Seems this would get your operation back on track, and you could use Apiguard next time around, with the safety of a few more hives.

    Only a suggestion though, please do whatever you deem best.
    44 years, been commercial, outfits up to 4000 hives, now 120 hives and 200 nucs as a hobby, selling bees. T (mostly).

  15. #75
    Join Date
    Jan 2009
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    Grosse Ile, Michigan, USA
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    Default Re: Is their a new way to treat mites?

    Oldtimer, I am not committed to using any particular product right now, that's why I'm asking so many questions. I appreciate any and all suggestions based on someone else's experiences with a product, so thanks much. John

  16. #76
    Join Date
    Apr 2011
    Location
    Pottstown, Pennyslvania, USA
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    329

    Default Re: Is their a new way to treat mites?

    Randy Oliver uses a 25 gram dose of Apiguard on an index card inserted from the back of the hive in between the two deeps and says he really likes the results over the 50 gram dose. He does this twice, 10 to 14 days apart. In hot weather. I'll be trying this shortly.

  17. #77
    Join Date
    Dec 2008
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    syracuse n.y.
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    Default Re: Is their a new way to treat mites?

    Quote Originally Posted by DPBsbees View Post
    Randy Oliver uses a 25 gram dose of Apiguard on an index card inserted from the back of the hive in between the two deeps and says he really likes the results over the 50 gram dose. He does this twice, 10 to 14 days apart. In hot weather. I'll be trying this shortly.
    If you read some of Randie's posts on bee-l he also states that he uses the smaller amount as he is trying to get mite resistence into his bees.
    mike syracuse ny
    I went to bed mean, and woke up meaner. Marshal Dillon

  18. #78
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    Default Re: Is their a new way to treat mites?

    wildbranch2007, although I have not yet read what you are talking about, I find it very interesting that he is experimenting with it that way, I have heard of people using smaller doses but not for that reason. I know that the product can be hard on the bees, and after being treatment free I don't want to go full circle and hit them so hard that it causes lots of bee and brood mortality and queen issues. I'm looking at getting some help with the mites to the extent that they can get through the winter and come out on the other side at least strong enough to build up normally the next season and make a crop. Obviously that's what everyone wants. Generally speaking, I have heard and witnessed that with a good queen coming through winter, she can outbreed the mites for the most part of the next season. John

  19. #79
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    Dec 2008
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    syracuse n.y.
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    Default Re: Is their a new way to treat mites?

    If you treat between the brood chambers, at least when I do, when you break the comb between the brood chambers is where I see the dead lava etc that is put in front of the hive and I usually treat with around 50 grams as I have 3 deep hives. I have never lost a queen(that I can tell) or significant amounts of brood to apiguard. I treat when it is warm(end of aug early sept) and when I was using mitewayII would use apiguard first if too hot and never seen any loss of queens or brood. never seen bees exit the hive or beard on the front of hives. I am interested in oldtimer saying the label says to use between brood chambers as last time I looked our label didn't, but I haven't read it in a while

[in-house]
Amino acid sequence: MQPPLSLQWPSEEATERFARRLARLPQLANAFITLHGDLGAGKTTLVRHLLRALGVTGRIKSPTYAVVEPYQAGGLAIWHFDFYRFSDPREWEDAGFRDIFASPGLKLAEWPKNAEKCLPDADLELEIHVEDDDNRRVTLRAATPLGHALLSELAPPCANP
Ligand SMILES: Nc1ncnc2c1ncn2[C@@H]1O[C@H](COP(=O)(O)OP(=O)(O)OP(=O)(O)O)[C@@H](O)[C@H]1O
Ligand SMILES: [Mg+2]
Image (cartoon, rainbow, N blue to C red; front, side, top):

next time i'm in bee-l I'll see if I can find where randy says that, but he posts so many posts It's usually hard to find anything specific, cant think of a search word that would work?
    mike syracuse ny
    I went to bed mean, and woke up meaner. Marshal Dillon

  20. #80
    Join Date
    Dec 2008
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    syracuse n.y.
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    Default Re: Is their a new way to treat mites?

    I can't copy the link without logging out so here is the post.

    >
    > >Why would you not wait until you can treat per label or simply use
    > another treatment?
    >
    >MAQS strips walk a fine line. Killing varroa without killing queen and
    > brood is a fine line.


    You answered your own question.
    I breed for mite resistant bees, and never allow mite levels to get high,
    so I don't look for treatments to clear the hives of mites--simply to keep
    knocking the mites back. I find that manufacturers set the dose to give
    95% mite kill, with not too much stress on the colony. I don't look for
    95% kill, but do look to minimize stress.

    I have great success using Apiguard at half dose, sometimes repeating.
    I've also gotten satisfactory setback (for me) when experimenting with MAQS
    at a single strip. I'm currently testing more formally.

    I had a bunch of growing singles in hot weather that I wanted to knock the
    mites back a little in, without shutting the queens down. So I experimented
    with a half strip, and preliminary checkback looks like I got the result I
    wanted.

    Bob, there is no single formula for all beekeepers, nor all hives, nor all
    times.

    Allen, I find this discussion very interesting. I'm curious as to why we
    get such different results with natural fall and alcohol wash.

    The important thing, to me, is to monitor mite levels by whatever method
    works consistently for you. The mites will let you know if you are
    successful.


    --
    Randy Oliver
    Grass Valley, CA
    www.ScientificBeekeeping.com
    mike syracuse ny
    I went to bed mean, and woke up meaner. Marshal Dillon